HOUGHTON — Energy storage is approaching a critical stage. It is as Timothy Scarlett, associate professor in the Department of Social Sciences at Michigan Technological University (Michigan Tech), remarked, a globally urgent, pressing technology problem that affects the majority of people in the world.
The most pressing challenge currently facing electrical grids everywhere, said Scarlett, is energy storage.
“It is the single biggest problem,” he said.
There is potentially, a way of addressing that problem.
Scarlett is one of a team of scientists looking at adopting existing hydropump energy technology to abandoned deep-shaft mines.
In 2019, the group of engineers and scientists began studying the potential reuse of the Mather B Mine, in Negaunee, as a facility for underground pump-hydroelectric energy storage–a system similar to the pump-hydro storage plant at Ludington, Michigan, but entirely underground.
Ludington’s Pumped Storage Plant is hailed as an engineering marvel. The 27 billion gallon reservoir, measuring 2.5 miles long and one mile wide, can generate up to 1,872 megawatts of electricity, enough power to serve a community of 1.4 million residential customers.
Consumers Energy and Detroit Edison, co-owners of the plant, upgraded to the Pumped Storage Plant to increase the generating capacity from 1,872 megawatts to 2,172 megawatts and replacing its six turbines with more efficient models. The six-year project was estimated to increase the plant’s generating capacity by 15%. It is expected to last another 50 years. The Lake Winds Energy Park constructed in Summit and Riverton townships just east of the plant also increased the pumped storage capacity,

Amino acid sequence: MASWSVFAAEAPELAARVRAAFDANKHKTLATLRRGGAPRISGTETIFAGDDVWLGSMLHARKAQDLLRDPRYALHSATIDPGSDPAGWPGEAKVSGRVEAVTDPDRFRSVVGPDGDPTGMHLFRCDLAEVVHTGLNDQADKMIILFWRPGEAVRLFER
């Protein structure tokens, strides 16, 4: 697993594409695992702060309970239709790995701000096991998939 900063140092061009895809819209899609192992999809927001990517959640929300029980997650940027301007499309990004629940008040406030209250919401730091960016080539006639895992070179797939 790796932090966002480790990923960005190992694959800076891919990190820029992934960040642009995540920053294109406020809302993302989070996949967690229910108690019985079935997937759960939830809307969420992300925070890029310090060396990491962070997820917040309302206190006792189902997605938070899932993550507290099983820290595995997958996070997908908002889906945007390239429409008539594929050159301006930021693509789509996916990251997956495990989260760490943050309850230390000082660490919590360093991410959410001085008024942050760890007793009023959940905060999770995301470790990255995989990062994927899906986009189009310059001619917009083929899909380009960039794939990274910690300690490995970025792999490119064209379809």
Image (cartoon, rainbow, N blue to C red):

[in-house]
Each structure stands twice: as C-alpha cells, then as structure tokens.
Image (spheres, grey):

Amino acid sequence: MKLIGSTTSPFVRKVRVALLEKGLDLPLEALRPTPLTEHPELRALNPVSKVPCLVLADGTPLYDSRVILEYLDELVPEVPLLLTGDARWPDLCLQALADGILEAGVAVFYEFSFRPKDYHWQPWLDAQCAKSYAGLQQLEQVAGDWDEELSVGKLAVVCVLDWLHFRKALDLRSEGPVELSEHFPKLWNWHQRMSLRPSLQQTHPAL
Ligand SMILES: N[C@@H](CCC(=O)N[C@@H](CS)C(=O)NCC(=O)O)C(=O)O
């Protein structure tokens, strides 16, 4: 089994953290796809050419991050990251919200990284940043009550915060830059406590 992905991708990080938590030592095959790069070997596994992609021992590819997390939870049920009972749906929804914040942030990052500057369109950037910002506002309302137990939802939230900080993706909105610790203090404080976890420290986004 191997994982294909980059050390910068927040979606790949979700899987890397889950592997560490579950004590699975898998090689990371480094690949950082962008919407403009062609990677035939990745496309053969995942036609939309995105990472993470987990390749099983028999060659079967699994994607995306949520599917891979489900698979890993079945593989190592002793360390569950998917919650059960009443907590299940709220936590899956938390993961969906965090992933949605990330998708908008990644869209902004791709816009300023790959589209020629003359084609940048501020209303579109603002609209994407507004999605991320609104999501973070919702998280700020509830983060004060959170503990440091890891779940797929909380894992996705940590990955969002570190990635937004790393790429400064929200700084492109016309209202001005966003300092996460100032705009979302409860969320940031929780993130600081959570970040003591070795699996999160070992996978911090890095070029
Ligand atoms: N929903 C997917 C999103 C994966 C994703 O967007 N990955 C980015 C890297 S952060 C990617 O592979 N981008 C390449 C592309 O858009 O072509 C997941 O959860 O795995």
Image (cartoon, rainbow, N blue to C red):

While the Ludington plant pumps water from Lake Michigan to its reservoir, then allows it to drop, spinning turbines before returning to the lake, Scarlett said the technology can also be installed in deep-shaft mines.
“Right now, the only place we can really develop (hydro pumping storage) within industrialized countries are in abandoned mines,” he said.
Scarlett said the technologies of electricity generation are changing, transitioning from large, centralized generation facilities, like coal-fired plants, nuclear-powered plants, and natural gas plants, to irregular generation, such as solar, wind, and other alternative power.
“But as the renewable energies, particularly like solar and wind, get added to the grid — because they are so cheap at this point,” Scarlett said, “People want to add them, but grids are not designed to handle the power, because you have to match the curves of fluctuating supply and demand.”
Even with coal-powered or nuclear powered plants, demand fluctuates more quickly than the power plants can respond.
“The system needs to have a way to shave the top off the demand peak and bank that energy when demand drops low when the system is producing more power than it’s designed to,” he said. “So, you have that need in the system already,” Scarlett said, “…that system copes with what are referred to as peaker plants.”